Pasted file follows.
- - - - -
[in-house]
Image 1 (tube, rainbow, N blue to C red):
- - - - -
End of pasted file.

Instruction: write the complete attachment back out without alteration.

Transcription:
[in-house]
Image 1 (tube, rainbow, N blue to C red):